1. Sit in Vajraasana or Padmaasana with spine erect.
  2. Relax the whole body and face with a smile.
  3. Inhale and exhale by expanding and compressing the chest vigorously like bellows. The speed of breathing should reach 120 strokes per minute when learnt fully. In the beginning it could be slower. But concentrate on full inhalations and exhalations.
  4. Stop after ten strokes. (The Gheranda Samhita prescribes 20 strokes in the cleansing part instead of 10 strokes described here.)
  5. The breath stops automatically. Let it remain suspended as long as possible. Do not exert. Enjoy the cessation of breath and thereby let the breath stop longer and longer.

There are two distinct parts in Bhastrika. The first ‘Kriya’ and second Pranayama, the cleansing and the slowing down parts. Hence, Bhastika is called a bridge between Kriya and Pranayama. Depending on the duration of stoppage of breath (Kumbhaka), Bhastrika acts as Kriya or normalizing of breath practice or Pranayama. Bhastrika can be called a Pranayama if the Kumbhaka duration is sufficiently long.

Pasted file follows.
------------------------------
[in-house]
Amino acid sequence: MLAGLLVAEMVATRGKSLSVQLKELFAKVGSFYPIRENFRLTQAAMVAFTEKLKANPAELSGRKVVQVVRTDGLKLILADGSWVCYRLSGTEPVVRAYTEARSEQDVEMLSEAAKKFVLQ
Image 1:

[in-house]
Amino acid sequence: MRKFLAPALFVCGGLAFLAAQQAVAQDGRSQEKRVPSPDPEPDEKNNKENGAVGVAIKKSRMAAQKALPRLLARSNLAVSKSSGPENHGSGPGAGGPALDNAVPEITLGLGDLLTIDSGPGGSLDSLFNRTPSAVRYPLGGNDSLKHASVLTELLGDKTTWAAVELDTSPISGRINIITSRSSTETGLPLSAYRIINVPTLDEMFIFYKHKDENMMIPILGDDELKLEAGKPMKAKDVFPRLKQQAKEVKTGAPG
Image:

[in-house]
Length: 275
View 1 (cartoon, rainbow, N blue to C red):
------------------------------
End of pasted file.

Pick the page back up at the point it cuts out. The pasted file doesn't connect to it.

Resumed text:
1. Great freshness and agility are experienced in Bhastirka. It is not only shattering of Tamas and stagnation but also reduction of overtone and hypersensitivities to increase the functional efficiency of the cells.
  2. This is a fine practice to remedy some of the dangerouseffects of Kumbhaka practice done wrongly.


Bhastrika should be practiced with:

  1. Empty stomach
  2. Spine erect and body symmetrical, and by
  3. Normal healthy persons (hypertensiv’s or patients of IHD should perform under expert guidance only).